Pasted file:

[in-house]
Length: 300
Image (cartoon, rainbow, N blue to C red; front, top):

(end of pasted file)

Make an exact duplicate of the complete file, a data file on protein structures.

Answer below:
[in-house]
Length: 300
Image (cartoon, rainbow, N blue to C red; front, top):